While many workforce experts expect much of the workforce to return to the office—eventually—they also believe that the one-size-fits-all, 9-5 office routine is gone forever. The covid pandemic disrupted workplaces dramatically, speeding up the remote work trend, demonstrating that work from anywhere can work and showing how effectively videoconferencing and other technology can facilitate collaboration.
It’s fair to wonder if the pandemic will have similar lasting effects on employee business travel. Business trips were an early casualty of the pandemic. When companies abruptly moved to remote work in spring 2020, most also imposed travel bans. There were no offices to visit, conferences were canceled or made virtual and routine meetings and training were conducted virtually. International travel, of course, became almost impossible. Even in situations where an in-person meeting was long considered essential, such as best and final presentations and high-stakes negotiations, virtual meetings became de rigueur.
Is Employee Business Travel Necessary?
IdeaWorks, an airline consulting firm, estimates that only 25 percent of business travel is related to business development—the purpose companies often deem most important. Forty percent of business travel is to conferences or intra-company meetings. The rest includes client visits and technical support. As a result, IdeaWorks expects that 19-36 percent of business travel will not return. Likewise, McKinsey says that 20 percent of business travel is unlikely to return, and another 60 percent is potentially expendable.
Business travel had also evolved into a talent mobility tool, occasionally standing in for permanent relocation. For limited-duration projects, both within the U.S. and globally, business travel could sometimes allow a company to share knowledge and meet a business need without the cost and disruption of permanent employee relocation.
IdeaWorks estimates that five percent of business travelers are employees commuting in place of a domestic relocation. Business travel might continue to be an attractive alternative to relocation in some situations, particularly with an even more dispersed workforce.
Most Businesses Plan to Spend Less on Business Travel Post-Pandemic
According to the travel booking site Kayak, flight searches for top business travel destinations have fallen precipitously since 2019. For example, searches for Hong Kong flights are down 88 percent, Tokyo 73 percent, London 52 percent and New York 29 percent.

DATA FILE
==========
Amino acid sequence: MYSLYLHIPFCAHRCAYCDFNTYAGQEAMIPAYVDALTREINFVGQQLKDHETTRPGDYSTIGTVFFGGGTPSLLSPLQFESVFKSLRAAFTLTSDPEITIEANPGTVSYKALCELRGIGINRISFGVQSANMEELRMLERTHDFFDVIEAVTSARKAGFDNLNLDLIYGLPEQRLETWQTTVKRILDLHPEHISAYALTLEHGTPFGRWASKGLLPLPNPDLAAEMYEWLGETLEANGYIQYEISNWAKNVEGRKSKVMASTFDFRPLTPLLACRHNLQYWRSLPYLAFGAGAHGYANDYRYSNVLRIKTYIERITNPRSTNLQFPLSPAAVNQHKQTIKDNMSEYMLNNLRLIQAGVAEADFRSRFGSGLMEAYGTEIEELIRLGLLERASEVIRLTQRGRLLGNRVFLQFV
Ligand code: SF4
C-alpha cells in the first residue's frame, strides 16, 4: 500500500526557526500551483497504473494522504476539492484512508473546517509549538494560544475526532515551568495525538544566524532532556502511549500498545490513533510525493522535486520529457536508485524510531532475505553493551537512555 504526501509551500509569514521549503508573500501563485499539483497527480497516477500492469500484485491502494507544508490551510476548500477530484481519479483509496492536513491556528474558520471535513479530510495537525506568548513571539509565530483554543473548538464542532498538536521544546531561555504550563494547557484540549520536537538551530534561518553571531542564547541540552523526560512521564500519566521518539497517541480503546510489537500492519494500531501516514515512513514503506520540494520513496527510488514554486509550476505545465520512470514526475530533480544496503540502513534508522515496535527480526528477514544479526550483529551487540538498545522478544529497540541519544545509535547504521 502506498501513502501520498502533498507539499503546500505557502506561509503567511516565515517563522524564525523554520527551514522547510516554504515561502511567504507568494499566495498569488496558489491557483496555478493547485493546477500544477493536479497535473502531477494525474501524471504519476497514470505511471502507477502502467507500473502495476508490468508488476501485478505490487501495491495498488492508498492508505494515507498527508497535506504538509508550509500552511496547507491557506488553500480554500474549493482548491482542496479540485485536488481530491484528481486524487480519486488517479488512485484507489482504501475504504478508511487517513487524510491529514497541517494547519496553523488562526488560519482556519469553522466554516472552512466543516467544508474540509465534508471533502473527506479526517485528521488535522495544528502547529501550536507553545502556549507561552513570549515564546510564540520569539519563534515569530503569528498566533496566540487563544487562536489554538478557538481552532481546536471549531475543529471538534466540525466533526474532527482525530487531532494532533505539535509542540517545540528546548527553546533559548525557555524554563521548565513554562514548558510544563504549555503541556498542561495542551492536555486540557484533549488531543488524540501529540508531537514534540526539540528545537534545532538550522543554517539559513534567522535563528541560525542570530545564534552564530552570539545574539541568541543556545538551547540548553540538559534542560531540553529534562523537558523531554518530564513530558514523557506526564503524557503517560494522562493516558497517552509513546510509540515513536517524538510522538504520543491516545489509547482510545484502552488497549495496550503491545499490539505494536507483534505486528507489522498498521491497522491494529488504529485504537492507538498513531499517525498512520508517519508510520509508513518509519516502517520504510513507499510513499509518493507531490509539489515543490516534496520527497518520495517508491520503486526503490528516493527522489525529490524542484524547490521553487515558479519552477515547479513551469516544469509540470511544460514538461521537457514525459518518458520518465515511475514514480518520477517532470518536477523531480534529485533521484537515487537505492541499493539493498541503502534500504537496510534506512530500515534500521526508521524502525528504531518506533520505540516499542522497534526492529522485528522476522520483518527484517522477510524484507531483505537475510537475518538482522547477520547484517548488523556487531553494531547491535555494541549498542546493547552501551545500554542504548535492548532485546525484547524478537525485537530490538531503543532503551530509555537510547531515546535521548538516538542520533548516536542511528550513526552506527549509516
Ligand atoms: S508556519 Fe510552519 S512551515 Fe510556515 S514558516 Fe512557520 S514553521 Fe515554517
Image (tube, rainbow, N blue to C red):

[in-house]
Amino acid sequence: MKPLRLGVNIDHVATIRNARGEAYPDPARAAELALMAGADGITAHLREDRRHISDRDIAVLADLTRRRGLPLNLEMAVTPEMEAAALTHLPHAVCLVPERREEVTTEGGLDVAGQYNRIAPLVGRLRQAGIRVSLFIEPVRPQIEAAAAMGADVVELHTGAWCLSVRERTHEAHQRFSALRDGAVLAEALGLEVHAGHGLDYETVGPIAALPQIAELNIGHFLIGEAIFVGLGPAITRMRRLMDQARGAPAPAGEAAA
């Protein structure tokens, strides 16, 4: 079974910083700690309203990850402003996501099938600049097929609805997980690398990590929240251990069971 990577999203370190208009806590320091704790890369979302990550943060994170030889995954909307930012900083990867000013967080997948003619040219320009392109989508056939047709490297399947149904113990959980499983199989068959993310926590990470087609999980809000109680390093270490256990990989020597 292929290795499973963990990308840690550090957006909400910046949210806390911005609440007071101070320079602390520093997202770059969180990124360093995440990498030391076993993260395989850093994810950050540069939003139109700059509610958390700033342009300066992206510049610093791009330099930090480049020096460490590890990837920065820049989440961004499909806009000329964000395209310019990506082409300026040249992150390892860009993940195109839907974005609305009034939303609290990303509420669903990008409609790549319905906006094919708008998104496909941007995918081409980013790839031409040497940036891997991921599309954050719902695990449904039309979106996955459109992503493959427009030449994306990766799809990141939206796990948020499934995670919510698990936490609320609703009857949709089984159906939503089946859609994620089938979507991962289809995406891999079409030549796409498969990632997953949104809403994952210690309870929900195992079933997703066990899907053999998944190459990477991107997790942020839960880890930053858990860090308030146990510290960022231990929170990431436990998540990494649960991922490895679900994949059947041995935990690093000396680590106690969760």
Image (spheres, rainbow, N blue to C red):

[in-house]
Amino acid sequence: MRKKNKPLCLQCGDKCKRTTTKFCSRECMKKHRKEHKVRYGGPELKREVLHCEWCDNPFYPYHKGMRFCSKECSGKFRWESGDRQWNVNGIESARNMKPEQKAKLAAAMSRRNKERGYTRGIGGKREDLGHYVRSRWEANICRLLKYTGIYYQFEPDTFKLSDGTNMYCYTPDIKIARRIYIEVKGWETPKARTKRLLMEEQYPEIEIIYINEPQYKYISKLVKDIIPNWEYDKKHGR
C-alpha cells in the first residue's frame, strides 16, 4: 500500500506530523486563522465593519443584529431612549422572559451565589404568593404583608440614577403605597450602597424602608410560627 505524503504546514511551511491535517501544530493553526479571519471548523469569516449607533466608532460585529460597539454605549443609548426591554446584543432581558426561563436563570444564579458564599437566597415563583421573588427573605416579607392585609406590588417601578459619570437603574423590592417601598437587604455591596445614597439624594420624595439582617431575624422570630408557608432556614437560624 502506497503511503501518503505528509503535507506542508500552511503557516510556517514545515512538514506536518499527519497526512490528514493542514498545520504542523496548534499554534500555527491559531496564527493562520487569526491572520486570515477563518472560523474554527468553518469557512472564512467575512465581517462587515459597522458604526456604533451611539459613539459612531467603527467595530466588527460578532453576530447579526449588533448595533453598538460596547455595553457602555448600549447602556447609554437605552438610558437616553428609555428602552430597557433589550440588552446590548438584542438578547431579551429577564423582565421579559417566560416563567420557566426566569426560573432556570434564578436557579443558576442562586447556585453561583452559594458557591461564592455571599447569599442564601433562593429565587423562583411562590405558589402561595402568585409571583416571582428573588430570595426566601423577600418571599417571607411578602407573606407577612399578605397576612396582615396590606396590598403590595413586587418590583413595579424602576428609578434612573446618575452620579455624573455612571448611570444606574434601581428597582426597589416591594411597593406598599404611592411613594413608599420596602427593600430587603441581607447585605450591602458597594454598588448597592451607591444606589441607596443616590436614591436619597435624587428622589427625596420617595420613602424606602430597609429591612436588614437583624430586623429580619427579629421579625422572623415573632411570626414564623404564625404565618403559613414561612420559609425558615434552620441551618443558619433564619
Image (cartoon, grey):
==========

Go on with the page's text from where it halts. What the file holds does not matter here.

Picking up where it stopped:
A recent Bloomberg survey of 45 large businesses in the U.S., Europe and Asia indicated that 84 percent plan to spend less on travel post-pandemic. Most respondents expect to reduce travel budgets by 20-40 percent, with two-thirds cutting internal and external meetings.
According to the Global Business Travel Association, spending on corporate trips could slide to as low as $1.24 trillion by 2024 from a pre-pandemic peak in 2019 of $1.43 trillion.
Reduced Business Travel Can Support Company ESG Goals and Employee Well-Being
For most companies, cost savings will be the primary driver in reducing business travel. But cutting back can also support the company’s Environmental, Social, and Corporate Governance (ESG) goals. “Companies have acknowledged that reducing the level of flights is one way of reducing climate change,” said Andrew Murphy, aviation director at advocacy group Transport & Environment. “For the next ten years, the best way to reduce emissions from aviation is to fly less.”
Further, “A nice side effect of fewer long-haul business trips is less stress for the people who fly,” Hans-Ingo Biehl, the head of VDR, the German Business Travel Association, said in an interview. Frequent flyers can suffer from a variety of disorders, ranging from dehydration to increased cancer risk.
Reduced Employee Business Travel Will Make Flying More Expensive for All Travelers
Paradoxically, as companies look to control costs by reducing business travel, the resulting lower volume will cause airfares to rise. Why? Business travelers make up only 25 percent of airline customers, but they account for 75 percent of airline companies’ profits. Business-class seats cost three to five times more than economy seats, with only a marginally higher service cost. As a result, one business traveler can produce as much revenue as five or six leisure travelers.
Even when they’re not flying business class, business travelers still tend to pay more for tickets by booking at the last minute to meet business needs or choosing more expensive, refundable fares. If business travelers don’t return and generate this revenue, airlines will cut flights and likely raise fares across the board.
Like office routines and talent mobility, it appears that employee business travel will be in flux for some time to come as we reconsider how and where we work. Reassessing previous assumptions could ultimately result in greater flexibility and lower costs for companies and possibly even benefit employees and the environment.